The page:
Top Stories

Aug 24, 9:04 AM EDT

Iceland lowers aviation alert level from volcano


AP Photo
AP Photo
Science Video

Buy AP Photo Reprints
Multimedia
Iceland's volcano disrupts air traffic
Stranded passengers at airports

REYKJAVIK, Iceland (AP) -- Iceland lowered its aviation alert level to orange from red Sunday, saying there was no sign of an imminent eruption at the Bardarbunga volcano. And scientists at the Icelandic Meteorological Office said their announcement Saturday that the volcano had experienced a subglacial eruption was wrong.

But the office cautioned in a statement that seismic activity at the volcano, which has been hit by thousands of earthquakes over the past week, was not slowing, and an eruption remained a possibility in coming days.

Two earthquakes measuring over 5 in magnitude - the biggest yet - shook the volcano beneath Iceland's vast Vatnajokull glacier early Sunday. The Met Office recorded earthquakes of 5.3 and 5.1 in the early hours.

Iceland had raised the alert for aviation Saturday to red, the highest level on a five-point scale, warning that an ash-emitting eruption could be imminent.

An orange alert indicates "heightened or escalating unrest with increased potential of eruption."

After the alert was lowered, aviation authorities lifted a no-fly zone that had been imposed for 100 nautical miles by 140 nautical miles (185 kilometers by 260 kilometers) around the volcano.

A 2010 eruption of Iceland's Eyjafjallajokul volcano caused a week of international aviation chaos, with more than 100,000 flights cancelled. Aviation officials closed Europe's air space for five days out of fear that volcanic ash could harm jet engines.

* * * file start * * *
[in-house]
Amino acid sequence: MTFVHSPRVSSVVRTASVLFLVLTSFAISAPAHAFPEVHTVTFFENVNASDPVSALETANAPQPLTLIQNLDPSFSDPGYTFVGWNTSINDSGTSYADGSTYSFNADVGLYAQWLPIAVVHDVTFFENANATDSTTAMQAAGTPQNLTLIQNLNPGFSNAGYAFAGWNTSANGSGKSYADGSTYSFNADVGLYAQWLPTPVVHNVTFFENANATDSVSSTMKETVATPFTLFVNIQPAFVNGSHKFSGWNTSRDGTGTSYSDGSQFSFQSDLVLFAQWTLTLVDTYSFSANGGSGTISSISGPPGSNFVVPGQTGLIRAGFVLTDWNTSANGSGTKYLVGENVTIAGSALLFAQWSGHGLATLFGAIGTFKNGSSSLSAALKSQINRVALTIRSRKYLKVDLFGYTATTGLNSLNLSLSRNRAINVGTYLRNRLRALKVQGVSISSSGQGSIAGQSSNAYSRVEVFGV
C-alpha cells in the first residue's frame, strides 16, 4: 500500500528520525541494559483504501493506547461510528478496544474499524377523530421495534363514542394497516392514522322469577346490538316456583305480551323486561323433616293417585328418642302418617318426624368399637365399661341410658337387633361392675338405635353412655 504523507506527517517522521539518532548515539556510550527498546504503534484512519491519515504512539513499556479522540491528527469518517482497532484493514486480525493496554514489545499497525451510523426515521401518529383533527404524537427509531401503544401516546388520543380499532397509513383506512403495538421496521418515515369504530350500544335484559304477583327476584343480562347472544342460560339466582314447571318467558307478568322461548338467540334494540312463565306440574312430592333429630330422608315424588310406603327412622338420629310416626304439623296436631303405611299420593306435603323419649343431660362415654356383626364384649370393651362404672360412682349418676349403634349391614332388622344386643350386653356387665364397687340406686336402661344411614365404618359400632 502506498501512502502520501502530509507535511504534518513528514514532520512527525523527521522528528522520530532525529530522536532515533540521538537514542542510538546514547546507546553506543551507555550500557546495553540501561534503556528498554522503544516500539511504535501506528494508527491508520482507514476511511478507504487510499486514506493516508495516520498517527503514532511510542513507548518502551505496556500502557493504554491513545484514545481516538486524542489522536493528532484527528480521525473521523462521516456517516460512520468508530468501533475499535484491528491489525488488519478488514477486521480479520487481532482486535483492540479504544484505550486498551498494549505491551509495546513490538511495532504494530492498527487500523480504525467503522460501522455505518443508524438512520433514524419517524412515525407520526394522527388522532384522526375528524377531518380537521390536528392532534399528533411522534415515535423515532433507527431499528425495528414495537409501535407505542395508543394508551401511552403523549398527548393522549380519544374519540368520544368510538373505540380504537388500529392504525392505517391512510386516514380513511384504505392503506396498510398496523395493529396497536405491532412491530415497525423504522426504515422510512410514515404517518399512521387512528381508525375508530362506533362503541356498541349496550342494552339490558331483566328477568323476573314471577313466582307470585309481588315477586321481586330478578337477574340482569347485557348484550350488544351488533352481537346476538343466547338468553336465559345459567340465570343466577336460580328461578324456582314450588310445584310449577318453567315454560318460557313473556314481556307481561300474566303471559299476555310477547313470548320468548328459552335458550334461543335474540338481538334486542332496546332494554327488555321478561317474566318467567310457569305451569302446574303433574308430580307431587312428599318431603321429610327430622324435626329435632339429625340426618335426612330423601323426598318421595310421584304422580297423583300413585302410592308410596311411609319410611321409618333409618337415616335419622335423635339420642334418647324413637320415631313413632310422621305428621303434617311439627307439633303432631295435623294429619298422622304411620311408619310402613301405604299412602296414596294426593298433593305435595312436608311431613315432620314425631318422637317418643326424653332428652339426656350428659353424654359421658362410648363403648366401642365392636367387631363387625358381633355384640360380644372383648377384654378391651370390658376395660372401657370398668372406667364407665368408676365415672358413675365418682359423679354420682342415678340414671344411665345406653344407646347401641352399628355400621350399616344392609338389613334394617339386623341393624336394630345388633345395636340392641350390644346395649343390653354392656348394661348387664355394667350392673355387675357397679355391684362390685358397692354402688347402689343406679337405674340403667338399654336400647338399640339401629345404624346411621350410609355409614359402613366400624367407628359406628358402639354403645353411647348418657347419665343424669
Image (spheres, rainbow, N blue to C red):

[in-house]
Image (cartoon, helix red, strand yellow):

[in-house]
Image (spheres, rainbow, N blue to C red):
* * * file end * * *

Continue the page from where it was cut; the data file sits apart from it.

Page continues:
Any new eruption would be likely to be less disruptive. European aviation authorities have changed their policy, giving airlines detailed information about the location and density of ash clouds but leaving decisions to airlines and national regulators.

"Even if there were to be a major eruption, it would not necessarily produce a high ash column, so the likelihood of interruption of trans-Atlantic and European air travel remains low," said Open University geoscientist David Rothery.

Britain's National Air Traffic Service said it was monitoring what it called a "dynamic situation" but was expecting normal operations Sunday.

---

Lawless contributed from London.

© 2014 The Associated Press. All rights reserved. This material may not be published, broadcast, rewritten or redistributed. Learn more about our Privacy Policy and Terms of Use.

  • 490 First Avenue South
  • St. Petersburg, FL 33701
  • 727-893-8111